Periodic Reporting for period 1 - Meta_Mind (The workings of metacognition in decision-making)
Reporting period: 2018-01-02 to 2020-01-01
At the moment, the mechanisms underlying our so-called ‘metacognitive system’ are not well understood. It remains unclear how our metacognitive system operates or what kind of information is being used for metacognition. In addition, it currently also remains unknown how metacognition is affected by daily appearing factors such as drowsiness or sleepiness. The known fragmentation of cognition during drowsiness makes this transitional state an interesting test ground for decision-making and metacognition from both a psychological and neuroscientific perspective as well as from a practical point of view (e.g. until when are we still capable of controlling and knowing how we perform?). The overarching aim of the project is to expose the psychological and neural mechanisms of metacognition and decision-making, thereby intersecting the relationship between cognition, consciousness and wakefulness. I combine state-of-the-art methods from neuroscience and experimental designs from cognitive psychology and sleep research.
More specifically, we asked the following questions.
- How does forecasting and metacognition operate? What information is being incorporated and evaluated? What are the psychological and neural mechanisms?
- How do daily fluctuations in cognitive performance induced by drowsiness affect decision-making and metacognition? What are the psychological and neural mechanisms?
The answers to these questions could provide valuable input into understanding i) how decision-making can be improved (e.g. in clinical populations), and under what circumstances we should be cautious for overconfidence, ii) how daily fluctuations in alertness affect our decision process (how are we able to determine that we are too drowsy to drive, or how do we know that we can still make adept decisions at the end of a night shift in a hospital?).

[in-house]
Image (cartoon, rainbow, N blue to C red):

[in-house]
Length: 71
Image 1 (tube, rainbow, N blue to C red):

By combining modeling, the most innovative methods from electroencephalographic recordings (EEG), brain stimulation, fMRI analyses, and recent developments in sleep research I am investigating the psychological and neural mechanisms that underlie prediction and metacognition during decision-making and aim to lay out practical implications that will flow out of the research.
- In daily life, our decisions are frequently guided by regularities in our environment. However, such contingencies are not always explicitly present and sometimes need to be inferred. In our experiment, we showed how predictive (contextual) information in the environment influenced decision-making despite a lack of awareness of the meaning (or presence) of this information. These implicit inferences emerge through changes in internally and externally oriented neural networks. Our results demonstrate that the prefrontal cortex plays an important role in the transformation of externally driven stimulus–outcome events into predictive internalized models of the world (see https://www.jneurosci.org/content/jneuro/39/26/5183.full.pdf )
- To follow up on the above-described results, we aimed to causally test the involvement of prefrontal cortex in internally oriented processes (metacognition, predictions). What happens when neural activity in prefrontal cortex becomes 'abnormal' or altered? Interestingly, we observed that participants were no longer able to use predictive contextual information to adjust decision-making when activity in prefrontal cortex was altered. (manuscript in preparation)
- Our next experiments addressed what kind information is being used to compute an estimate about the quality of our decisions. Considered together, our results demonstrate that post-decisional information contributes to metacognition, thereby evaluating not only what one perceives (e.g. strength of perceptual evidence) but also how one responds towards perceptual events. In this way, metacognition can be seen as an internalization of external feedback processing and error monitoring https://www.nature.com/articles/s41598-020-60382-y and https://www.jneurosci.org/content/jneuro/37/4/781.full.pdf
- To examine the mechanisms of metacognitive decision-making further, and investigate how sensory and 'higher-order' areas (such as prefrontal cortex) interact we used fMRI and brain stimulation (participants performed a total of 6 sessions in six different weeks). Results of this experiment are expected to provide great insight into the workings of metacognitive decision-making, and will be important in arbitrating a currently fiercely held debate within the literature. This rich dataset will be useful for many (European) researchers interested in decision-making (including medical doctors, psychologists, and neuroscientists). (manuscripts in preparation)
- To uncover how daily fluctuations in cognitive performance induced by drowsiness affect decision-making we are currently examining the depth of the effects of drowsiness. For this, we are investigating how drowsiness alters decision-making on a 'low-level' (can you tell the difference between an arrow pointing leftwards or rightwards?) and 'high-level' (are you able to stop an ongoing action, are you able to ignore irrelevant information, or are you able to estimate how well you are performing), and whether an over-arching effect of drowsiness can be observed in a series of 8 experiments. (in preparation)